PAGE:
Under the pilot program, all teachers and staff will be trained to consider that students’ angry outbursts or sullen withdrawal in the classroom could be the result of trauma, such as physical or sexual abuse, abandonment, and domestic and neighborhood violence, Rosenthal said. Such training and intervention may lead to a drop in unnecessary referrals to special education, she noted.
Classroom management strategies, such as trying not to take the behavior personally, will be taught. The goal is ongoing and high-quality teacher training and classroom support, Rosenthal said. And professional services – whether mental health counseling groups, family meetings or learning interventions – will be provided to students and families with the awareness that they are likely to be under severe stress, but that all students and families have strengths that can be built upon, Rosenthal said.
Involving the whole school
Underlying more intensive mental health supports will be efforts to cultivate a positive school climate that includes a focus on so-called “social and emotional” aspects of education, such as how to respectfully disagree or the importance of saying “good morning” – behaviors that adults are expected to model.
The pilot program, called Unconditional Education, will be run in collaboration with the San Francisco Unified School District and two Oakland-based public charter school agencies, Education for Change and Lighthouse Community Charter School. SRI International, a Menlo Park research evaluation firm, will evaluate results of the pilot, with the idea that the program could be a model for other schools.
The approach relies heavily on collaboration, not just between families and the schools, but also among all the teachers, mental health counselors and administrators who work with students every day, said Enikia Ford-Morthel, chief of schools at Education for Change.
“It’s amazing for our kids to see a group of adults working together for their benefit,” Ford-Morthel said.
At Cox Academy in Oakland, an elementary school run by Education for Change, a test-run of the approach is under way. The second and third grade classroom – with 24 students, four of whom are in special education – is a hive of teacher collaboration. On a recent morning, students worked on identifying spelling patterns: Is the “e” at the end of “name” dropped when “ly” is added? Four adults roamed around the students’ desks: Danielle Icay, a general education teacher; Katy Simonds, a special education teacher who works full-time in the classroom; and Ashley Crittendon and Joseph Ham, classroom counselors who provide two special education students with behavioral and learning support in class.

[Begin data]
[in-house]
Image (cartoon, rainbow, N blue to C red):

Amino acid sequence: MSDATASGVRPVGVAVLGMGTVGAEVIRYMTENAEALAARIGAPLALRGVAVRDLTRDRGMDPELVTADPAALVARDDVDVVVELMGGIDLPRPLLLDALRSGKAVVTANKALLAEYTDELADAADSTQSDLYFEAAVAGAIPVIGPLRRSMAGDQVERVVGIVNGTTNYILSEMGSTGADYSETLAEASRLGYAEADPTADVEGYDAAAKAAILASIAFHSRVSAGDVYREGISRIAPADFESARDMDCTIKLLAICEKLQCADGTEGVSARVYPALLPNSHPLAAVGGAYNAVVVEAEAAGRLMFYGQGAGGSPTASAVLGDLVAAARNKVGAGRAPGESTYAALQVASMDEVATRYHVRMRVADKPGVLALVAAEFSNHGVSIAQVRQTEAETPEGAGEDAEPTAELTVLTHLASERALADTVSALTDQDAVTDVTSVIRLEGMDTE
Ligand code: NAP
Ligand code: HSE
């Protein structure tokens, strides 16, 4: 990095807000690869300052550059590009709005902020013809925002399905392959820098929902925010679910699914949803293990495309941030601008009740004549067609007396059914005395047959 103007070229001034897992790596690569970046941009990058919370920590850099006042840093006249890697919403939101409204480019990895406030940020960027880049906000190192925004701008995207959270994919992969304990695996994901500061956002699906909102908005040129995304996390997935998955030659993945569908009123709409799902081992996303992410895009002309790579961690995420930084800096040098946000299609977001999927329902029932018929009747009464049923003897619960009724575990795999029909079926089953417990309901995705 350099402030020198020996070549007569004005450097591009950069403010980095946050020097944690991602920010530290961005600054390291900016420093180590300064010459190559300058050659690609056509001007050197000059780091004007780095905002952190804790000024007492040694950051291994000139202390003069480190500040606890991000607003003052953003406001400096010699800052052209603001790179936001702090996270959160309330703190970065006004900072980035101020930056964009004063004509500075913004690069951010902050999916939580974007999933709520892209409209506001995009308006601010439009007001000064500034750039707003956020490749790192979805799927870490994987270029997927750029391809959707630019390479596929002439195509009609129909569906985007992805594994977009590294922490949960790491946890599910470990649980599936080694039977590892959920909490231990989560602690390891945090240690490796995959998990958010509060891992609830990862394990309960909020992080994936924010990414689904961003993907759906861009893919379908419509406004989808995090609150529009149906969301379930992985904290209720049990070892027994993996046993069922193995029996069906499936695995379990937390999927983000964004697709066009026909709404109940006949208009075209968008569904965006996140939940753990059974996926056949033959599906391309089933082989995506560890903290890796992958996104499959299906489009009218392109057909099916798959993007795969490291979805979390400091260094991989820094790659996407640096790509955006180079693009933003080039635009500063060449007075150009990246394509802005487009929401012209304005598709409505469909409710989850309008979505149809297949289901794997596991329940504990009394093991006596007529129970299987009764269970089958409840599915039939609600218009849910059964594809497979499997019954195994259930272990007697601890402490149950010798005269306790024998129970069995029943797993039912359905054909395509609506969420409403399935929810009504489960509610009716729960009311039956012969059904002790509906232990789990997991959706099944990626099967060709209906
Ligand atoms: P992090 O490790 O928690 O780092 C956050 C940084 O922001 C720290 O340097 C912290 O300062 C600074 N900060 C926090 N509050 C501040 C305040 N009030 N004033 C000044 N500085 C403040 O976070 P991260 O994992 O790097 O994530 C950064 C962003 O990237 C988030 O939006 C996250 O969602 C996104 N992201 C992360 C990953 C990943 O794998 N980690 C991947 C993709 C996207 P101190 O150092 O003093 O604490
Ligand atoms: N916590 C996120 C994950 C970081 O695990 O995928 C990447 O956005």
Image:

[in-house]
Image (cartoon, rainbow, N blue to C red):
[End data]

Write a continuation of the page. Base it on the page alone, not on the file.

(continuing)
Collaborative teaching can be a tricky test of turf and expertise, but these four adults appeared to work smoothly to meet the constant needs. When a student’s loose tooth fell out at her desk, Icay stepped away from the overhead projector to care for her, and Simonds moved seamlessly to the projector, asking if the “e” in the word “come” is dropped when “ing” is added. Ham helped one student boot up a computer program to help the student study, while Crittendon, who had set up another student on a computer for instruction, guided a student who said she had something in her eye to the classroom sink to flush it out.
The pilot program won’t necessarily have this many adults collaborating in a classroom, but the idea is right, Ford-Morthel said: train general education teachers to better address some of the learning and behavioral issues of students in special education, put special education teachers in the classroom to provide support for all students, add outside services as needed, and infuse the school community with an understanding of the effects of trauma.
Emotional and behavioral disorders are “about a mismatch between the kid and the school,” said Mary Wagner, a longtime researcher of students with emotional disabilities and a principal scientist at SRI International who is not one of the evaluators of the pilot program.
“If you can change the environment around children, and they have a behavioral disorder, their behavior will change,” Wagner said. “But the adults have to change first.”